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Jul 07 2011

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California Quail (Callipepla californica)

California Quail

[order] GALLIFORMES | [family] Odontophoridae | [latin] Callipepla californica | [UK] California Quail | [FR] Colin de Californie | [DE] Schopfwachtel | [ES] Codorniz de California | [NL] Californische Kuifkwartel

Subspecies

Genus Species subspecies Breeding Range Breeding Range 2 Non Breeding Range
Callipepla californica NA, MA sw Canada to Baja California
Callipepla californica achrustera s Baja California (nw Mexico)
Callipepla californica brunnescens sw Oregon to c California (wc USA)
Callipepla californica californica e Oregon (USA) to nw Mexico
Callipepla californica canfieldae ec California (wc USA)
Callipepla californica catalinensis Santa Catalina I. (USA)

Physical charateristics

A small, plump, grayish, chickenlike bird, with a short black plume curving forward from the crown. Males have a black and white face and throat pattern. Females are duller.

Listen to the sound of California Quail

[audio:http://www.aviflevoland.nl/sounddb/C/California Quail.mp3]

Copyright remark: Most sounds derived from xeno-canto

wingspan min.: 32 cm wingspan max.: 37 cm
size min.: 24 cm size max.: 27 cm
incubation min.: 22 days incubation max.: 23 days
fledging min.: 1 days fledging max.: 2 days
broods: 2   eggs min.: 12  
      eggs max.: 16  

Range

North America, Middle America : Southwest Canada to Baja California

Habitat

Broken chaparral, woodland edges, coastal scrub, parks, farms.
Found in a wide variety of habitats. May be most common in open oak woodland and in streamside growth bordered by chaparral, but also found in suburbs, semi-desert situations, pinyon-juniper woods, grassland, coastal sage scrub. Where introduced farther
inland, may be in other brushy habitats. Avoids mountains.

Reproduction

During breeding season, males call loudly to advertise territory. In courtship, male postures with wings drooped, tail spread; bobs head, may rush at female.
Nest: Site is usually on ground, under shrub or other cover. Sometimes nests above ground, on broken-off branch or in old nest of another bird. Typical nest on ground is a shallow depression, lined with grass and leaves.
Eggs: 10-16, usually 13-14. Dull white to pale buff, marked with brown. Two females sometimes lay eggs in same nest. Incubation is by female only, about 18-23 days.
Young:
Downy young leave nest soon after hatching. Both parents tend young, with male often perching high and acting as sentinel; young feed themselves. Young can fly short distances at age of 10 days, but not full grown until later. 1 brood per year, 2 in year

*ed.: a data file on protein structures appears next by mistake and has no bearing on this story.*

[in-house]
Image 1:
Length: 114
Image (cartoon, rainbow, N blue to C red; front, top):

s with good food supply.

Feeding habits

Mostly seeds and leaves. Feeds on a wide variety of plants, but especially annual weeds, eating the seeds, leaves, and fresh shoots. Also eats acorns, berries, flowers, bulbs, insects.
Behavior:
Forages mostly by picking up items from ground, often scratching on ground, and picking leaves from plants. Along roads, may feed on acorns that have been cracked open by passing cars. In neighborhoods with good plant cover, comes into yards to eat grain
or bird seed.

Conservation

This species has an extremely large range, and hence does not approach the thresholds for Vulnerable under the range size criterion (Extent of Occurrence <20,000 km2 combined with a declining or fluctuating range size, habitat extent/quality, or population size and a small number of locations or severe fragmentation). The population trend appears to be increasing, and hence the species does not approach the thresholds for Vulnerable under the population trend criterion (>30% decline over ten years or three generations). The population size is very large, and hence does not approach the thresholds for Vulnerable under the population size criterion (<10,000 mature individuals with a continuing decline estimated to be >10% in ten years or three generations, or with a specified population structure). For these reasons the species is evaluated as Least Concern.
California Quail status Least Concern

Migration

Resident, British Columbia to Baja California. On western edge of Mojave and Colorado deserts where ranges of California and Gambel’s quail overlap, hybrids occur. Migration: Permanent resident throughout its range.

Distribution map

California Quail distribution range map

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Permanent link to this article: http://www.planetofbirds.com/galliformes-odontophoridae-california-quail-callipepla-californica

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